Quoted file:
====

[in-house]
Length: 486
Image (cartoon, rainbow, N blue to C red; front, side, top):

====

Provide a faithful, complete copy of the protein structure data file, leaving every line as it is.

[in-house]
Length: 486
Image (cartoon, rainbow, N blue to C red; front, side, top):